Isolation and characterisation of a recombinant, precursor form of lysosomal acid alpha-glucosidase.Eur J Biochem 1995; 234(3):903-9EJ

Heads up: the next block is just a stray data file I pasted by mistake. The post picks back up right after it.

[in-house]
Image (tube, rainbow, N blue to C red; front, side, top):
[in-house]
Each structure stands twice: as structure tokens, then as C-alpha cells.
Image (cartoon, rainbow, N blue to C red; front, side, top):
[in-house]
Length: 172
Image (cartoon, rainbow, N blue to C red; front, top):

Glycogenosis type II (GSD II, Pompe disease) is an autosomal recessive lysosomal storage disease that results from a deficiency of acid alpha-glucosidase (GAA). Patients with this disorder are unable to break down lysosomal glycogen, which consequently accumulates in the lysosome. To evaluate enzyme replacement therapy for GSD II patients, we have expressed human GAA cDNA in Chinese hamster ovary-K1 cells utilising a vector that places the cDNA under the transcriptional control of the human polypeptide chain elongation factor 1 alpha gene promoter. A clonal cell line that secreted precursor recombinant GAA at approximately 18 mg.l-1.day-1 was identified. The precursor recombinant GAA was purified to homogeneity, had a molecular mass of 110 kDa as measured by SDS/PAGE, and was shown to have pH optima and kinetic parameters similar to those of GAA purified from human tissues. The partial N-terminal amino acid sequence of recombinant GAA conformed to that derived from the nucleotide sequence of the cloned cDNA. The recombinant enzyme was taken up by cultured fibroblasts and skeletal muscle cells from GSD II patients, and was shown to correct the storage phenotype. Endocytosed GAA was localised to the lysosome and showed evidence of intracellular processing to a more mature form. Activity levels increased up to twice the normal value and uptake was prevented if cells were cultured in the presence of mannose 6-phosphate.